Mark C. Hartley, MD and Thomas A. Martinelli, MD
Trudy and her daughter Carol share more thana family resemblance. Both have struggled with worsening arthritis in their knees. While they were in Ocean Cityfor the summer, the pain was so bad that neither of them could walk from the beach blanket to the water. Mother and daughter made a pact: they'd each have a knee replacement when they returned to Northern Virginia in the fall.
Trudy went first. She'd already tried cortisone shots and lubricating injections to control her arthritis pain. Eventually the shots stopped working, and walking and climbing stairs became so painful she didn't want to go anywhere anymore.OrthoVirginia surgeon Thomas Martinelli, MD, replaced Trudy's right knee and she was up and walking the next day. She spent just two nights in the hospital.After several weeks of physical therapy, she didn't need a cane or walker anymore. One month later, she was completely painfree.
Carol had her knee replacement with OrthoVirginia surgeon Mark Hartley, MD. She too had tried conservative measures for her pain, to no avail. Immediately after her surgery, she walked from the door of her hospital room to the bed. "It makes you realize you can put weight on your knee right away," she says. "They don't want you sitting around after a knee replacement; they want you up and moving." Her mother's quick and trouble-free recovery was a great motivator for Carol, who secretly worried she wouldn't do as well. Her concerns were unwarranted. She returned to her job as an IT manager within two weeks of her surgery and recently walked her first 5K race.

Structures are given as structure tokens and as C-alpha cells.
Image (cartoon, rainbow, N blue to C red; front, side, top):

At 81, Trudy thought she might be too old for knee replacement, and at 56, Carol thought she might be too young. But thanks to modern techniques and improved implant design, orthopaedic surgeons base surgical decisions on a patient's pain and disability, not necessarily chronological age. Both mother and daughter benefited from the latest minimally invasive surgical techniques, including smaller incisions, less tissue trauma and bleeding, shorter hospital stays and a faster overall recovery.Eventually, Carol will need her other knee replaced. When the time comes, she has no hesitation.